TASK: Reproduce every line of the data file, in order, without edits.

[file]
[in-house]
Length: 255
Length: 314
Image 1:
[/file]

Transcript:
[in-house]
Length: 255
Length: 314
Image 1: